In “The Story of the Human Body: Evolution, Health, and Disease,” Daniel E. Lieberman—chair of the department of human evolutionary biology at Harvard University — explains how the human body evolved over millions of years and shows how the increasing disparity between the adaptations in our Stone Age bodies and advancements in the modern world has led to a paradox: we are living longer but are increasingly prone to chronic disease.
It’s been almost 20 years since wolves were reintroduced into Yellowstone National Park and parts of Idaho and placed on the endangered species list. At the time, advocates said wolves were a vital link in the natural ecosystem. Worried about the effect of wolves on their livelihoods, ranchers and hunters protested the reintroduction, some even filing lawsuits.
If the Colorado River stopped flowing, the water in its reservoirs might hold out for three or four years, but then it would be necessary to abandon most of southern California and Arizona, and much of Colorado, New Mexico, Utah and Wyoming. For the entire American Southwest the Colorado is the river of life, which makes it all the more tragic and ironic that by the time it approaches its final destination, it has been reduced to a shadow upon the sand.
On the show this week, you’ll hear the meaningful songs from Ben Bullington, and the album marking the return of Derek Burkins to music. I’ll also play tunes from new albums by David Berkeley, The Copper Ponies and Naming the Twins, to name just a few. Join me this Saturday at 8pm for Fresh Folk on Utah Public Radio.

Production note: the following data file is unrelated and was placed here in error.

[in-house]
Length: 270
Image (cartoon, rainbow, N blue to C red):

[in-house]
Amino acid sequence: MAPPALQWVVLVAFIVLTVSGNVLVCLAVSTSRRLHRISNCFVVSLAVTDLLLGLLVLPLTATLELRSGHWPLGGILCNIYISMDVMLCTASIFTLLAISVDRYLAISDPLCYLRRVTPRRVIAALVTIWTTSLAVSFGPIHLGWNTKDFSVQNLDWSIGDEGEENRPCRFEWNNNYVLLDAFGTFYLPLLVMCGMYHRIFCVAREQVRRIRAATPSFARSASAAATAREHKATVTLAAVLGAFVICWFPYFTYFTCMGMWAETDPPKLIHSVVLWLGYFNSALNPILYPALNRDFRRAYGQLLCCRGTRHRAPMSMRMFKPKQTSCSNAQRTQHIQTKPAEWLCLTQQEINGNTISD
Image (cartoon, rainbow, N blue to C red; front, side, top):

The Food Safety Modernization Act is the first major update of federal food safety laws since 1938. FSMA gives the FDA new abilities to prevent food safety problems, detect and respond to food safety issues, and improve the safety of imported foods. The act is geared to help prevent the outbreaks of food-borne illnesses that are on the rise-- though seldom traced back to small local producers.
Utah State University alumnus Lars Peter Hansen is one of three Americans recently named as a recipient of the 2013 Nobel Prize in Economics. Professor Hansen, a Cache Valley native who now teaches at the University of Chicago, will share his feelings on winning the Nobel Prize and discuss his research. He will also discuss the recent housing bubble, and government regulation of markets.
Jared Diamond, Pulitzer Prize-winning author of “Guns, Germs and Steel,” “Collapse,” and other books, joins Tom Williams to discuss his latest: “The World Until Yesterday: What Can We Learn From Traditional Societies?” which is now out in paperback.
A series of Tanner Talks continues at USU on Wednesday with a panel discussion called “Community and the Demise of Local Newspapers.” Media veterans will offer their insights, concerns, warnings and prognostications as local newspapers struggle and community news evolves. Organizer and Assistant Professor in the USU Department of Journalism and Communication Matthew LaPlante, quoted in USU Today, said “I love newspapers. That’s where I come from but we have to start opening up people to the idea that, yes, there are things that we are losing as local newspapers decline. But this also gives us an opportunity to redefine the ways we communicate in our communities.”
On Veterans Day we consider the problems of returning military veterans and how we can help. Joining us are Matthew LaPlante, USU Assistant Professor of Journalism, and U. S. Navy veteran, who covered veterans issues for the Salt Lake Tribune for 7 years; former Executive Director at the Utah Department of Veterans Affairs, and U. S. Army veteran, Terry Schow; Public Affairs Officer for the U. S. Department of Veterans Affairs, and veteran, Jill Atwood; and former US Army Captain Stacy Bare, Director of Sierra Club Outdoors Mission, an initiative to reconnect Americans, veterans in particular, to the outdoors and to use nature to facilitate reintegration.